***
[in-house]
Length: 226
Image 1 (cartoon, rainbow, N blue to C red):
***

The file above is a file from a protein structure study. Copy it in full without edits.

[in-house]
Length: 226
Image 1 (cartoon, rainbow, N blue to C red):